A grandmother holding a laptop up to a grandchild with the grandchilds other grandparents on screen via Skype

Aside from this, the UK government is also being urged to provide lessons in how to effectively use technology for older people.

There is talk, too, that GPs could soon be prescribing wearable devices (such as the Apple Watch) that could help reduce loneliness and increase outward communication amongst older generations.

 

At the same time, as people become increasingly aware of the impact of loneliness on society, we’re seeing further initiatives to combat the issues, including this competition, which offers £1 million in funding to the best social isolation-busting tech idea.

 

What are the best phones for the elderly?

As discussed there are a few mobile phone manufacturers that have designed phones specifically with the needs of the older generation in mind.

Doro and Emporia are definitely worth looking into for their ease of use, large screens, and simple button functions.

The experts at TechRadar have identified some of the best phones for this increasingly techy market. One of their top choices is the GrandPad, which they rate for its simplified interface, large screen and UI, and the fact that family members can manage it remotely.

A possible negative is that it may be too simplistic for some, but we think this sounds like the perfect phone for an absolute novice.

Other top choices from TechRadar include the Jitterbug Flip and the Jitterbug Smart, but unfortunately neither are currently available outside the US.

If your older relatives are a bit more tech savvy but still need the basics like a large screen, sharp display and quick responsiveness, TechRadar recommends the iPhone 8 Plus, iPhone 7 Plus, Samsung Galaxy S9 Plus, and the OnePlus 6.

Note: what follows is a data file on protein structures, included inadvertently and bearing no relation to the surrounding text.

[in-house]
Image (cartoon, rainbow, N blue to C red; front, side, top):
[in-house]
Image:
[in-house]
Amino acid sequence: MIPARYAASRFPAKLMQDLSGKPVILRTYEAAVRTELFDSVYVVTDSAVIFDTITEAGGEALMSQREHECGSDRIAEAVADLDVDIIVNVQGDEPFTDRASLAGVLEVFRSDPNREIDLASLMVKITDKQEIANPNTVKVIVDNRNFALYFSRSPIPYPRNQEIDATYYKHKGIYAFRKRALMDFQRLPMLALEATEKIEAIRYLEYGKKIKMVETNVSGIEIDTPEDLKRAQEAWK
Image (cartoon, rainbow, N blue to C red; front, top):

The key things to remember when purchasing a phone for an elderly person are that it needs to be relatively straightforward, with high brightness, a clear display, and ease of typing.

Whether you think iPhones or other smartphones offer this, or whether something specifically designed for older people might be more appropriate, depends entirely on your own situation and the needs of the person you’re buying for.

Doro at Mobile World Congress 2015 Barcelona

Insure your phone – what to look for in phone insurance

There are some important questions to ask yourself if you’re looking to insure your phone, whichever type of model you’ve gone for. They include:

  • Does the policy cover me for theft?
  • Does the policy cover me for accidental damage?
  • Do I need a separate policy for my phone, or is it already included within my house or contents insurance policy?
  • Could I get a cheaper deal with an independent provider, rather than going straight to my network provider?

Ready to discuss insurance for either your phone or any of the other gadgets that we’ve discussed? Get in touch with Gadget Cover here. We can help you find the right level of cover for your device in minutes.